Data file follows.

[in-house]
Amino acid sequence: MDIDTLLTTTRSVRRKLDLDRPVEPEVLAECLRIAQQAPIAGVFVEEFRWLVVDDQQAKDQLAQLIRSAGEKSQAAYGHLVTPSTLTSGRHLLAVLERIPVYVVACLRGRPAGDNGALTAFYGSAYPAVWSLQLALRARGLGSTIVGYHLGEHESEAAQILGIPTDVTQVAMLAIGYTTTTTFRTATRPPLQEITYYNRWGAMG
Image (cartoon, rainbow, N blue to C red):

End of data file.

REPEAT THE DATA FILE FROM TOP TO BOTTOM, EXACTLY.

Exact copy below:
[in-house]
Amino acid sequence: MDIDTLLTTTRSVRRKLDLDRPVEPEVLAECLRIAQQAPIAGVFVEEFRWLVVDDQQAKDQLAQLIRSAGEKSQAAYGHLVTPSTLTSGRHLLAVLERIPVYVVACLRGRPAGDNGALTAFYGSAYPAVWSLQLALRARGLGSTIVGYHLGEHESEAAQILGIPTDVTQVAMLAIGYTTTTTFRTATRPPLQEITYYNRWGAMG
Image (cartoon, rainbow, N blue to C red):